A Review of Ethics For a Brave New World, 2nd ed. John Feinberg and Paul Feinberg.
Crossway Books, 2010. (Available in Australia at Koorong books)
There have been a number of solid evangelical works on ethics which have appeared over the years. Most have gone through various revisions. One thinks of works by John Stott, Norman Geisler, and John Jefferson Davis. Another standard conservative Christian work has been this volume.
It first appeared in 1993, and I have a well-worn copy of that terrific volume. But when I heard that a major revision and expansion of the book had just occurred, I knew I had to pick up the new edition. And it certainly is quite an expansion, almost doubled in size.
It has mushroomed from the original 479 pages to its current 846 pages. Basically all of the main subjects are still covered, but some have been expanded into two chapters (eg., the discussion on homosexuality), while other sections have been consolidated and/or repackaged in various ways. But all the original chapters are there.
Let me point out that although I refer to “them” or “they” throughout this review, Paul Feinberg sadly passed away early in 2004, so the final work on this book was of course carried out by his brother John. Thus the bits of revision are due to John, but both authors are responsible for the original version.
After an introductory chapter on ethical decision making and the Christian, there are meaty chapters on abortion, euthanasia, the death penalty, genetic engineering, divorce and remarriage, war and peace, and so on. Each chapter interacts with both the relevant biblical data and the various secular arguments, facts and issues involved.
Consider the two lengthy chapters on homosexuality which cover some 80 pages. All the biblical material is carefully examined, along with the attacks on it from the theological revisionists. Thus those arguing that Sodom and Gomorrah were destroyed not because of homosexuality but because of inhospitality are answered in some detail. Indeed, a full 13 pages are spent rebutting this claim alone.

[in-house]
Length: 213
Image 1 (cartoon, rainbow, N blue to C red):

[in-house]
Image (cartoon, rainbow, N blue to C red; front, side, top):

And the social science data is also explored rather thoroughly. The particularly unhealthy and promiscuous lifestyle of homosexuals is carefully documented, and a full discussion about whether people are born homosexual, and the like, is amply discussed.
Or take the issue of euthanasia. Again, all of the biblical data is examined in detail, and the social science arguments are also looked at and evaluated. For example, they look at the scary situation in the Netherlands where many Dutch people are euthanised without even giving permission. And they note how numerous infants are also being bumped off there, and they ask whether older children will soon face the same fate.
Of interest is how some changes of thinking – at least minor ones – have occurred between the two editions of this book. For example, in their chapter on capital punishment, they carefully lay out the pros and cons of the argument, looking at both secular and biblical concerns.
In both editions they argue that there is a strong biblical case for capital punishment. However in the second edition they add some further considerations which have developed over the years. They still favour the death penalty, but now add two exceptions to it, both involving the extension of grace to the prisoner.
Of course as with any book, one may find areas of disagreement. For example in the Stott book on ethics I love what he does with family and sexual ethics, but I am not as impressed with what he does with the ethics of war and peace, especially the nuclear dimension to it.
The same here. The authors offer quite good chapters on the new reproductive technologies, but I sometimes think they may be a bit too lenient in some areas. Admittedly, a lot of this is new moral territory, because the technologies are so new.
And Christians will have to agree to disagree in many of these areas. So it is not surprising that readers may well find parts of this book more to their liking than others. But for the most part it lays out a solid, evangelical, and basically conservative assessment of a number of hot potato topics.
One should not depend upon just one ethics book such as this, but consult several at least. But I for one would be quite happy to include this in a top ten list of general introductory texts on Christian ethics. It is well worth getting and carefully digesting.
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